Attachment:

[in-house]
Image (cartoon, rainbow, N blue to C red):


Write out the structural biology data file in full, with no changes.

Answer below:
[in-house]
Image (cartoon, rainbow, N blue to C red):